Upcoming Korea, Japan football match anything but friendlyHeated rivalries often bring out the best players.
That certainly will be the case in the upcoming friendly match between Korea and Japan - even though the game won’t count in the standings.
Players with the Korean national football team are focused and determined to beat their archrivals tomorrow night when the two teams meet at World Cup Stadium in Seoul.
Thirteen players from the K-League joined the national team at the National Football Center in Paju, Gyeonggi, yesterday, while 11 overseas-based players, including captain Park Ji-sung, arrived in Korea last Thursday. With everyone together, the national team held its first full training session yesterday evening.
“I will be playing in my first game against Japan on home soil,” Park told reporters yesterday at the NFC. “Everyone on the team is well aware that this is a must-win game.”
With a long history between the two nations, Korean players have historically shown true determination when facing Japan.
Korea holds the edge in all-time matchups with a record of 40 wins, 20 draws and 12 losses.
More importantly, Korea has won both its games against Japan this year, downing its rival 3-1 at the East Asian Football Federation tourney in Tokyo in February and sailing to a 2-0 victory in May in Saitama, Japan.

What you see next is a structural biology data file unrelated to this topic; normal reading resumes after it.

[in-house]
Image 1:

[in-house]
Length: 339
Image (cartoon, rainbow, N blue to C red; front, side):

However, the Japanese national team - led by new manager Alberto Zaccheroni - is entering the match brimming with confidence, having pulled off a stunning 1-0 upset over Argentina in Saitama on Friday.
National team manager Cho Kwang-rae is expected to make some changes to the offense after his squad struggled to get much going against Iran in a 1-0 loss in Seoul on Sept. 7. Park Chu-young and Lee Chung-yong are expected to start, while Yeom Ki-hun, Cho Young-cheol, Lee Seung-yeoul and Choi Sung-kuk will likely rotate into the other forward spot.
“It’s a big match anytime Korea faces Japan,” Yeom said. “I will play to the best of my abilities so that we can win the match. I didn’t get to watch Japan’s latest game against Argentina. We won both matches against Japan this year so I expect another win for us.”
Despite Korea’s favorable record, players said they are well aware of Japan’s improvements since the 2010 World Cup in June.
“Shinji Kagawa of Borussia Dortmund has looked especially dangerous,” said Jung Sung-ryong of Seongnam Ilhwa. “I’ve watched several of his matches, and he looked threatening.”
The Japanese national team arrived in Korea yesterday for the friendly match, which will take place at Seoul World Cup Stadium at 8 p.m.
By Jason Kim [firstname.lastname@example.org]